Millions strike against Greek government

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Teachers demonstrating through the streets of Nea Smirni, Athens. Banner reads ‘When injustice becomes law, resistance is a duty’
Teachers demonstrating through the streets of Nea Smirni, Athens. Banner reads ‘When injustice becomes law, resistance is a duty’

GREEK public sector workers launched a decisive 48-hour national strike against mass sackings and closures of hospitals, schools and social services yesterday.

The strike, called by the ADEDY public sector workers trade unions federation, is a great boost to the indefinite national state secondary schools teachers’ strike which started on Monday with phenomenal participation of between 80-100 per cent.

On Tuesday, teachers held local mobilisations which included pickets at schools, local demonstrations and the occupation of the Educational Directorates, while in the evening hundreds of teachers on their motorbikes paraded through the centres of all major Greek cities.

In Athens they protested outside the building of the Mega TV channel which has been transmitting what the teachers call ‘Goebbels-like lies’ against their strike.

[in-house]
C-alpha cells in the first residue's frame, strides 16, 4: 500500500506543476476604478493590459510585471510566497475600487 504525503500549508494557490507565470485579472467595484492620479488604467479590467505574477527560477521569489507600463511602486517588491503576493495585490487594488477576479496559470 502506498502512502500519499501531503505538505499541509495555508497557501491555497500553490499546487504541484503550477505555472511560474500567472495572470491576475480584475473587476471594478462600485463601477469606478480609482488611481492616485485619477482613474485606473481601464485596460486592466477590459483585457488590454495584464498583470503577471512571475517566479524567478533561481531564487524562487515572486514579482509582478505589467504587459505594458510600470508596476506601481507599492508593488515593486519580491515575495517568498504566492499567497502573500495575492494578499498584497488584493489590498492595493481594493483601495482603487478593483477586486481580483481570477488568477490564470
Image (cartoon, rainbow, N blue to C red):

The motorbike parade ended up at the State TV and Radio Station ERT which has been occupied for the last three months against closure and the sacking of all 2,700 journalists, technicians and staff.

On Tuesday morning, sack-threatened Pensions Fund workers picketed the Labour Ministry demanding a meeting with the Minister. In response, riot police attacked them with tear gas. Two government buildings of the Commerce Ministry were occupied. All university and college lecturers and staff are participating in the ADEDY strike. University rectors oppose plans to sack 1,700 administrative staff and demand recruitment of 2,000 instead.

The Greek government is also demanding that universities further cut their budgets by 15 per cent.

Hundreds of ship-building and other industrial workers joined a protest on Tuesday afternoon against last week’s fascist group attack on Greek Communist Party members.

But on the same night a 34-year-old man well known for his anti-fascist activity was stabbed to death outside a café in Amfiali, a working class area of Athens. Police said that they have arrested a 55-year-old man.

Secondary school teachers’ trade union branches are to hold general meetings this morning to review the situation and decide next week’s action.

Last week, teachers voted in a special conference by 370 for and 18 against for indefinite strike in the form of weekly ‘rolling’ strikes.

The Revolutionary Marxist League, Greek Section of the ICFI, has issued a statement demanding an indefinite political general strike.